The WordPress Mesmerize (60,000+ active installations) and Materialis (10,000+ active installations) themes fixed a vulnerability that could allow authenticated users to modify WordPress core options in the database.
The WordPress IgniteUp/Coming Soon and Maintenance Mode plugin, which has 30,000+ active installations, was prone to multiple vulnerabilities in version 3.4 and below that could lead to arbitrary file deletion, stored XSS, information disclosure, HTML injection in email and CSRF, among a few other issues.
The WordPress Funnel Builder by CartFlows plugin, which has 30,000+ active installations, fixed a privilege escalation vulnerability affecting version 1.3.0 and below.
A few days ago I found the following directive inside the WordPress configuration file of one of our customers: define(‘RELOCATE’, true);
An authenticated settings change vulnerability in the YIT Plugin Framework v3.3.8 and below, used in several dozen WordPress plugins, could allow logged-in users to change the plugin options.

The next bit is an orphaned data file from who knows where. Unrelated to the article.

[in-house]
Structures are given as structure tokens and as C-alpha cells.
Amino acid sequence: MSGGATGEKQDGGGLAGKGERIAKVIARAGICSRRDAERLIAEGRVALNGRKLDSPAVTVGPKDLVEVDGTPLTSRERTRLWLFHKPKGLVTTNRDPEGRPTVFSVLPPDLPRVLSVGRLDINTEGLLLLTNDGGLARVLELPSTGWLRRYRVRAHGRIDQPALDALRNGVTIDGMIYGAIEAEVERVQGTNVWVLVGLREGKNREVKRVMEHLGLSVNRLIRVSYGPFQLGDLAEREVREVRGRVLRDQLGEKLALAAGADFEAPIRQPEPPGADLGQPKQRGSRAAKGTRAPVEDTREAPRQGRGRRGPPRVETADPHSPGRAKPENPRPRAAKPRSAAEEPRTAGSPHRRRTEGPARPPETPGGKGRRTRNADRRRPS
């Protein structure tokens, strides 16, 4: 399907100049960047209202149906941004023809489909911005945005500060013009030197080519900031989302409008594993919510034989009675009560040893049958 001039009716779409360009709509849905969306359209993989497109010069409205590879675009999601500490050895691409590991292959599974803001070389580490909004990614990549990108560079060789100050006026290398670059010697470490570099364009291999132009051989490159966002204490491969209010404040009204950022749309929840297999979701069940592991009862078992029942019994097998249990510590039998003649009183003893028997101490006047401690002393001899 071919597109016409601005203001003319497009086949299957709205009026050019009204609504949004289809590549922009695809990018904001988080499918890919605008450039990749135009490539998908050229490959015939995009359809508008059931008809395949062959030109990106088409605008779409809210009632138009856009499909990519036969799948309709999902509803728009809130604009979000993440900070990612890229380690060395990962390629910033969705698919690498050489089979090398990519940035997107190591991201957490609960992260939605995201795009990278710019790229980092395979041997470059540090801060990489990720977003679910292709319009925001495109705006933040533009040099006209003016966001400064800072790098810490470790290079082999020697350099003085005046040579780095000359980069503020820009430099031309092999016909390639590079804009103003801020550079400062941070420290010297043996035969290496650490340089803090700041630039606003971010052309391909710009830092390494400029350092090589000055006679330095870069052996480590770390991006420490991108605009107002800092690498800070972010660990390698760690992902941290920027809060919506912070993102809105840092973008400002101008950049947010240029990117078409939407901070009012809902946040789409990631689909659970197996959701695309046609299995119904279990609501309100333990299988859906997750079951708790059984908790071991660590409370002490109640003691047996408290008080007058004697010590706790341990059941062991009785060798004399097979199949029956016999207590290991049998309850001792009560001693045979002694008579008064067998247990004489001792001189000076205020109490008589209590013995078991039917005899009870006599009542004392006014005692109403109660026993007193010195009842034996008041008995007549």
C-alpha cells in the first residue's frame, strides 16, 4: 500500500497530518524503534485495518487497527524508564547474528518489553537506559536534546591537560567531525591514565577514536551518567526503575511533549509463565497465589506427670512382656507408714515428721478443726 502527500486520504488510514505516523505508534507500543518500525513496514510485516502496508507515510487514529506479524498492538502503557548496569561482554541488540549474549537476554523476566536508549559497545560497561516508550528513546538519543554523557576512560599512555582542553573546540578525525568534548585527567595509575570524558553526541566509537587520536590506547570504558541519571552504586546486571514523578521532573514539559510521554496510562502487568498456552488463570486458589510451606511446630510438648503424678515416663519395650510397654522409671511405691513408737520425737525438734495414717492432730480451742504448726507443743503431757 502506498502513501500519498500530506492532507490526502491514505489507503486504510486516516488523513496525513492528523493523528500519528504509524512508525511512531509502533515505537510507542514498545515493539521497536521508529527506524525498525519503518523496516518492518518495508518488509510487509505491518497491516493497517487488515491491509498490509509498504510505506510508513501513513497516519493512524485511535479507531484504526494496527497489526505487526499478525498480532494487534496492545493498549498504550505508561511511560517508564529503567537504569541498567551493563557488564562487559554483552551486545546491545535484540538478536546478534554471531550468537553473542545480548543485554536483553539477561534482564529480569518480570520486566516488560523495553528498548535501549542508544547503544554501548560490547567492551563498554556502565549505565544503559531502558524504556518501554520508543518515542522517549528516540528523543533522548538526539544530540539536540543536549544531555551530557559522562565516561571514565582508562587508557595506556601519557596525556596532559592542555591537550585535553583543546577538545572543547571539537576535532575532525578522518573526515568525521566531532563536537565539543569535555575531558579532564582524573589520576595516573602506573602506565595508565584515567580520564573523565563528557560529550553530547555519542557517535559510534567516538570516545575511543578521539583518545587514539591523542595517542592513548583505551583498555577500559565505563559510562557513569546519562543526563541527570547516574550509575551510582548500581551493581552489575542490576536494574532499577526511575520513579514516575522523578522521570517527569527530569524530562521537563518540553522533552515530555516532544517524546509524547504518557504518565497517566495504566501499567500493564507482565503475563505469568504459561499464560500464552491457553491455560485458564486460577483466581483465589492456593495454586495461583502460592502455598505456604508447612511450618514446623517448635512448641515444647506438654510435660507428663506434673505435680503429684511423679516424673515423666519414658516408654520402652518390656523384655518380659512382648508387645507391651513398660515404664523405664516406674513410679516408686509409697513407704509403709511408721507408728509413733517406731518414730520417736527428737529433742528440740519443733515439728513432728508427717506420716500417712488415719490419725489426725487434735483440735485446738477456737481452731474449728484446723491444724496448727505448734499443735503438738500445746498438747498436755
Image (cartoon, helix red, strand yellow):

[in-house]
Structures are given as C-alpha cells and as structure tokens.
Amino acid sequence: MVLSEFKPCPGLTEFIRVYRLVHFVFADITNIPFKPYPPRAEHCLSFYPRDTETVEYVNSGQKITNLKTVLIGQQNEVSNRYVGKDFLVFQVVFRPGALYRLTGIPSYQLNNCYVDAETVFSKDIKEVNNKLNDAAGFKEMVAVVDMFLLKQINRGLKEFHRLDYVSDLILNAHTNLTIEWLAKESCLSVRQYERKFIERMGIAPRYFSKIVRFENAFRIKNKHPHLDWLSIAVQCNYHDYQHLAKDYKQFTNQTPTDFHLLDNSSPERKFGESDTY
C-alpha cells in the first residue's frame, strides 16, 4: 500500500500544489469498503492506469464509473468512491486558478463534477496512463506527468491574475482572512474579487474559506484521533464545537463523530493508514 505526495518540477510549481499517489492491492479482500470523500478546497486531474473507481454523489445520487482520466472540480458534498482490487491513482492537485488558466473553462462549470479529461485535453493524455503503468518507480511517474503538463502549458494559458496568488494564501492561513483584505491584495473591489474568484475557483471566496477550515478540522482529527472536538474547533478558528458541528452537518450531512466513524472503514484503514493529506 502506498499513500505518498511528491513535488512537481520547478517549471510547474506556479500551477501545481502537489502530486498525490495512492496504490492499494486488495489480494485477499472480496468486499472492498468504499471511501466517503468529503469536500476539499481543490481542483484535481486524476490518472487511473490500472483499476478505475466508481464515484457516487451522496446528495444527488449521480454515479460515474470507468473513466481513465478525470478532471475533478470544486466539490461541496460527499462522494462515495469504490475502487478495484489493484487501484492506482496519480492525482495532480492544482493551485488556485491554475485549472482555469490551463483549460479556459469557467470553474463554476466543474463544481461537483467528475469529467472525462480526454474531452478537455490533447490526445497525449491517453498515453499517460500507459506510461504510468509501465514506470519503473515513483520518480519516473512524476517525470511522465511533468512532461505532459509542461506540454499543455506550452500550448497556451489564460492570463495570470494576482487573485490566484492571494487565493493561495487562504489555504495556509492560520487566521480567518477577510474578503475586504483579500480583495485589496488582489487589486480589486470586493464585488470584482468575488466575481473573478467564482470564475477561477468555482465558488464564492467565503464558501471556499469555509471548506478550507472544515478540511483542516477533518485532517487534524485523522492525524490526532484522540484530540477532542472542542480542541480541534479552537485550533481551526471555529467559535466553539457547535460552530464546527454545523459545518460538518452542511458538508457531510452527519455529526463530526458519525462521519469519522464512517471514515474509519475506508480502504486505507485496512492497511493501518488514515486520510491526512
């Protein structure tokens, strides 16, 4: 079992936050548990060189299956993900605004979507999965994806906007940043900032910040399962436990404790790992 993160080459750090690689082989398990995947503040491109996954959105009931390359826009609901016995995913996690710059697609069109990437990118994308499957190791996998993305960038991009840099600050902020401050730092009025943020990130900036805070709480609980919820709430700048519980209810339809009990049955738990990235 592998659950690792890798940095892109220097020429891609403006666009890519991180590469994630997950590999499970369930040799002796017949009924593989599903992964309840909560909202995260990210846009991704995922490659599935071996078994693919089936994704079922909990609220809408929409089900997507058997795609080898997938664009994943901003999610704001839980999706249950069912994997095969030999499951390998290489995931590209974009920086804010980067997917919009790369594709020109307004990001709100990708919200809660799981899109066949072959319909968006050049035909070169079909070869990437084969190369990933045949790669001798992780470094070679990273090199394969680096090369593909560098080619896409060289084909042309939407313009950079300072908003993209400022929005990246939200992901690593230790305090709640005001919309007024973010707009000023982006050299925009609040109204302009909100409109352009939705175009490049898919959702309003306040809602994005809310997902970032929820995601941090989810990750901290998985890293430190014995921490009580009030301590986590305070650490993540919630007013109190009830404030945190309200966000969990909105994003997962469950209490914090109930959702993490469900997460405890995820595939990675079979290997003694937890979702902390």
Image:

The WordPress GiveWP plugin, which has 70,000+ active installations, fixed several vulnerabilities affecting version 2.5.9 and below.
Multiple plugins offering to convert WordPress’ default plain text emails to HTML format were found to be vulnerable to HTML injection, which could lead to phishing or CSRF attacks.
The WordPress Sliced Invoices plugin, which has 6,000+ active installations, was prone to multiple vulnerabilities in version 3.8.2 and below.
The WordPress Lara Google Analytics plugin, which has 20,000+ active installations, was prone to an authenticated stored XSS vulnerability.
The WordPress Download Plugins and Themes from Dashboard plugin, which has 10,000+ active installations, was prone to an unauthenticated stored XSS vulnerability in version 1.5.0 and below.